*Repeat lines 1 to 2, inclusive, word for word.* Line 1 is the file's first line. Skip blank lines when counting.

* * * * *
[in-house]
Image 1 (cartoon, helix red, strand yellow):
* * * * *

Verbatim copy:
[in-house]
Image 1 (cartoon, helix red, strand yellow):